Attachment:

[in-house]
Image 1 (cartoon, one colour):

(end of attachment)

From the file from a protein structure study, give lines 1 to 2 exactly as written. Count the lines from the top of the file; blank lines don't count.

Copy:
[in-house]
Image 1 (cartoon, one colour):